REVIEW: Ann Arbor Symphony – Beethoven 9

Saturday’s performance by the Ann Arbor Symphony Orchestra was celebration of the number nine: The program included Dmitri Shostakovich’s Symphony No. 9 in E-flat major, Op. 70, as well as Ludwig van Beethoven’s Symphony No. 9 in D minor, Op. 125. Appropriately, this concert was the conclusion of a season that marked the Ann Arbor Symphony’s 9th decade (90th anniversary!).

However, although both pieces were their respective composer’s 9th symphony, the difference between them is clear. Shostakovich 9, composed just after the end of World War II in 1945, is a whimsical piece, but with, in my opinion, very little melodic material. The composer himself noted that “It is a merry little piece – musicians will love to play it and critics will love to bash it.” I certainly did not leave Hill Auditorium humming motives from Shostakovich’s 9th symphony, but the piece gave me the feeling that it was depicting something electric and fleeting, like fireflies in the dark of night. I also did enjoy the plaintive clarinet solo in the opening of the 2nd movement, “Moderato.”  However, it seemed to me as if the piece lacked the energy that I, as a listener, wanted it to have, and I am not entirely sure whether it was the actual score of the music, or the performance of it, that caused me to feel this way.

In contrast, Beethoven’s Symphony No. 9 contains what is probably one of the most recognizable melodies in all of music. Even if you don’t know it as coming from Beethoven 9, you most likely know “Ode to Joy.” Related to this, although I knew that “Ode to Joy” was from this work, and although I have heard recordings of the symphony, it was interesting to hear the famous melody in its original context. It is almost as if “Ode to Joy” has, in popular culture, lifted itself out of the confines of Symphony No. 9 to become its own entity.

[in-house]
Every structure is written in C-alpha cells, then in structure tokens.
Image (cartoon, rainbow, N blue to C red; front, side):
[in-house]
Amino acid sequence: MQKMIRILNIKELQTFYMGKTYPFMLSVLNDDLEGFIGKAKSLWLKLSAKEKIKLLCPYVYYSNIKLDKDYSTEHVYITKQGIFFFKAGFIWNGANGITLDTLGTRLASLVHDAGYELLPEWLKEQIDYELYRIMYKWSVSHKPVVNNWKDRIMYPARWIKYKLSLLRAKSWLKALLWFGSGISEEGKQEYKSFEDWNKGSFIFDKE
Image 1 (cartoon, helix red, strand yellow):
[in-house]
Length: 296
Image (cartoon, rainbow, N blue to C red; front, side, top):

After the mildly disappointing Shostakovich, Beethoven’s famous work drew me and held my attention. It was awe-inspiring to fully process that Beethoven wrote his 9th symphony after he had gone entirely deaf. At the work’s May 1824 premiere in Vienna, he was unable to hear a single note. And yet, listening to the work, I realize that it is abundantly clear that the music was still very much alive in his mind’s ear. The beauty of the music cannot be captured in words on paper – it must be heard. In fact, Ludwig van Beethoven’s Symphony No. 9 in D minor has become one of the most widely performed works in classical music, and it established itself as an impossibly high standard by which other composers’ 9th symphonies would be evaluated.

PREVIEW: The World to Come: Art in the Age of the Anthropocene


The new exhibition The World to Come: Art in the Age of the Anthropocene at the University of Michigan Museum of Art is an ecological-issue-focused exploration of “subjects and themes related to raw materials, disasters, consumption, loss, and justice.” Over 45 international artists, using a variety of mediums, are featured. In the new reality where humans shape the environment, what will be art’s role?

I am particularly interested in this exhibition because it is a blend of two of my strongest interests, art and environmentalism.

The World to Come is on display from April 27 through July 28, 2019.